I got word in early August that WBUR in Boston, which puts together the “Modern Love” podcast, was going to use my 2011 essay about going through Lina’s transition. (The episode is “dropping” later today here, and since I’m six hours ahead in the Netherlands, I might have to wait until tomorrow to hear it.)
My first thoughts were Yay! followed by Crap! As a writer, it’s a huge honor to receive that sort of recognition. As a relatively private person occasionally sharing transgender stories in the safety of my little blog and with “friends who know,” it means another round of being in the spotlight. (For those who wonder how Lina feels about the spotlight, our deal was this: She gets to be the transgender person she is and I get to be the writer I am. We support each other’s authentic selves!)
I’m super excited that actor Ann Dowd is the reader. Her last role, as “Aunt Lydia” in “The Handmaid’s Tale,” recently earned her an Emmy, and her acceptance speech was charming. I read that she’s a supporter of foster care, and as a former foster mother, I salute that! She seems down to earth (check!), and I like that she was born in 1956 and I’m from 1957, so we’ve both lived long enough to know what our priorities are. I’m curious to hear what she’ll say about my essay during her podcast remarks. Heck, I’m curious to hear what *I’ll* say, because in case you don’t know how these things work, here’s a behind-the-scenes summary. (I worked briefly on a public radio show, so luckily had a clue beforehand.)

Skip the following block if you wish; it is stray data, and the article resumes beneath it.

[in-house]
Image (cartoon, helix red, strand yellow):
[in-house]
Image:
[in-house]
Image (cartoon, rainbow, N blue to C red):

First, for the “where they are now” segment after the reading, I was pre-interviewed by managing producer Jessica Alpert, who led the team that launched the podcast last year. I knew she was using the content from that talk to formulate questions for the taped interview. We ended up taping at WUNC in Chapel Hill, N.C., while I happened to be visiting the U.S. in late August. (WUNC is also where I had my little stint in radio – too funny.) I wrote down major topics and keywords on a piece of paper to keep me on point as I sat alone in a studio wearing a headset while Jessica spoke from her studio in Boston. Also in the ‘BUR studio was Caitlin O’Keefe, who later would edit my hour-long of rambling down to I’m guessing 10 minutes max. (I’ll find out soon enough!) Everyone was super respectful and sensitive, as expected.
As for Ann Dowd’s part, weeks later, ‘BUR producer Amory Sivertson directed Ann’s reading. I’m guessing Ann was in NYC and Amory in Boston, but I don’t know. The way it works is producers match essays with hoped-for readers, sometimes offering them up a couple to see which resonates. (For the record, neither the writer nor the “talent” are paid. We donate our time for various reasons, but I’d like to think it’s mostly because we believe in the power of story. And, yeah, there are the PR points as well.) What will surprise non-radio folks is that the host, Meghna Chakrabarti, doesn’t interact with the reader or writer. Ahhh, the magic of audio mixing.
So, as you can see, it takes a village – and that’s not even counting the engineers’ important role! Also, going back even further, I received invaluable essay feedback from the amazing Anna Jean “AJ” Mayhew and her writing group in Hillsborough, N.C. , in early 2011. Then, after my essay was selected to be published (in 2011), “Modern Love” editor Daniel Jones tightened and polished it further.
In a funny twist, today happens to be Coming Out Day. So, OK, here we go again! The reason I “come out” is to show support for people transitioning and their loved ones and anyone grappling with trans questions. Now, as the political, legal, and cultural scenes grow darker and darker, I’m glad to offer any ray of light, but donating time and money to activist causes also is key. See my “Resources” page if you want some ideas. Please give of your time, your money and, most of all, your heart!